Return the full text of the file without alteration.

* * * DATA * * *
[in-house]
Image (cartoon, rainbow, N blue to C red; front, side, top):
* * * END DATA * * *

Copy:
[in-house]
Image (cartoon, rainbow, N blue to C red; front, side, top):